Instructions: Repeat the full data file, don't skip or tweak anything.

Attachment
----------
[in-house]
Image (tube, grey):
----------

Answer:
[in-house]
Image (tube, grey):